Time was, when members of an extended family would be likely to live within the same community, close by to one another – even under the same roof, so that one generation could share the responsibility of caring for another. Today though, while this structure remains the norm in some parts of the world, in Western culture, it has largely become a thing of the past, a consequence of greater mobility, and fewer factors restricting where we have to work or live. As general mobility has become global mobility, the potential for families to be divided by cultures, not just miles, has become reality.
Today, following a career path is increasingly likely to mean leaving aging parents or other elderly relatives behind, and this is a topic being addressed at an upcoming event called ‘Caring From a Distance’, hosted by the group which I co-chair – Families in Global Transition UK (FIGT UK) in November (details at the end of this blog post). One of the event presenters will be Alison Hesketh of TimeFinders, an organisation which provides practical, professional support to older people and their families; we asked Alison to share her top tips for expats finding themselves having to leave elderly parents at home while they are based overseas:
- Sit down & discuss things with your parents
Even if your parents are fit and healthy, before you leave make sure you have that difficult conversation with them about their future. Planning ahead can help ensure your parents remain independent for as long as possible.
- Organise Power of Attorney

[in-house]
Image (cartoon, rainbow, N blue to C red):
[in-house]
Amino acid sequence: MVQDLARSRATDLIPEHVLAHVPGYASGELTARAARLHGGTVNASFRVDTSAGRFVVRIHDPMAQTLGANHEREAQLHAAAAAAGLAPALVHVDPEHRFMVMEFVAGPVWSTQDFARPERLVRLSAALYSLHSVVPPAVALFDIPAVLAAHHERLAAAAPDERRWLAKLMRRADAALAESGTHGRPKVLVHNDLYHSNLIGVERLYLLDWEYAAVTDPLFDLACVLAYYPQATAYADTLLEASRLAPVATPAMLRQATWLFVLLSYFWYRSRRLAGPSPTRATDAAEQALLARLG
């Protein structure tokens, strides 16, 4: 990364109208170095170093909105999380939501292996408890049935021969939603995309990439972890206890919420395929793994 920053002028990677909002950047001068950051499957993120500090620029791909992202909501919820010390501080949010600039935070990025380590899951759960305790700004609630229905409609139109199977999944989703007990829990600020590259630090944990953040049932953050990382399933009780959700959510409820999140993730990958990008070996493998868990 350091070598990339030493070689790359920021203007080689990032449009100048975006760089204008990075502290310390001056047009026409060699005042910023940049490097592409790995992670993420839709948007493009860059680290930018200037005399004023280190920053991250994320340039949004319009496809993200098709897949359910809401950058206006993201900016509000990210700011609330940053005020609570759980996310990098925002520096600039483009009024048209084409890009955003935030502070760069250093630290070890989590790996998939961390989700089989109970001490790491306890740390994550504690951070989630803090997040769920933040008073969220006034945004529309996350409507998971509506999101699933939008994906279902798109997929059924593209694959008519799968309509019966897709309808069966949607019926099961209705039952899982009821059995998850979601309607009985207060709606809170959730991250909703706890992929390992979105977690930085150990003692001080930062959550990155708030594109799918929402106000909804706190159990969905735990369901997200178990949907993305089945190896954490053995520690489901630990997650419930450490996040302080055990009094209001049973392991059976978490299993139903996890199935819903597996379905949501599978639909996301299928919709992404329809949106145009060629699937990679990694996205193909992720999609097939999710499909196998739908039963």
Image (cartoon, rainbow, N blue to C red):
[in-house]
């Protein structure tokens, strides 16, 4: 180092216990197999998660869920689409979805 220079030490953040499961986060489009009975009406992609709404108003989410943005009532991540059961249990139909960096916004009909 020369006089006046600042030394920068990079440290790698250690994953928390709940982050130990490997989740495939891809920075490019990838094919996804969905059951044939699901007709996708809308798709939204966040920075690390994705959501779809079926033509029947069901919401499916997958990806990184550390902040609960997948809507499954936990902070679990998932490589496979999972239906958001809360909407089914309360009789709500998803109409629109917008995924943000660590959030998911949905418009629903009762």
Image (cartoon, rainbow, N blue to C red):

Strongly encourage your parents to make and have registered Lasting Powers of Attorney (LPA) for both Health and Welfare and Finance and Property Affairs.
- Collate contact details for friends & neighbours
Have the contact details of your parents’ closest friends and neighbours just in case you can’t get in touch with them, or become worried about them. Ask your parents’ permission first.
- Message in a bottle
‘Message in a bottle’ is a scheme run by The Lions www.lions105w.org.uk/MIAB.pdf encouraging the elderly to keep emergency information in a little plastic bottle in the fridge door for the emergency services.
- Contact your parents’ GP
With your parents’ permission, talk to their GP. Let them know you are going abroad, and give them your emergency contact information.
- Identify sources of help before you leave
Identify key sources of help such as domiciliary care agencies before you go, so that you are prepared if need be. A little extra help can prevent a manageable situation deteriorating into a crisis.
If you think it might be necessary for a parent to go into care while you’re away, take time to research and visit local care homes.
- Liaise with your siblings
If you have siblings, discuss contingency plans with them and what support they are going to need should your parents require help.
- Get your parents online!
It’s never been easier to keep in touch. If they’re not already, get your parents online and familiar with the basics of a tablet, so you can contact each other via email and Skype. The intuitive nature of iPads and similar devices make them easy for anyone to use, and as well as a communication tool, they will potentially open up a new world of interest.
Taking a bit of time now to plan ahead will help to avoid many of the problems that expat children face when their parents need help back in the UK. Always remember that there’s a fine balance to be struck between supporting your parents and taking over – it’s important for elderly people to remain independent and in control of the decisions which affect them. If you’d like to know more about this topic, come along to the FIGT UK free event, and hear Alison and other experts in the field of elder care give you the benefit of their experience.
Caring From a Distance
When: 7th November 2014 – click here to book your free place at this event!
Where: Signature Care Home, Cliveden Manor, 210 Little Marlow Road, Marlow, Bucks SL7 1HX
Organiser: Families in Global Transition UK (FIGT UK)
For more information on TimeFinders, go to www.timefinders.org.uk